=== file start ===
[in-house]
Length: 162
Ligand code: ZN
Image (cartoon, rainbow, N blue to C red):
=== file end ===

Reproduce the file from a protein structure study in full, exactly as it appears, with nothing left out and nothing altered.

[in-house]
Length: 162
Ligand code: ZN
Image (cartoon, rainbow, N blue to C red):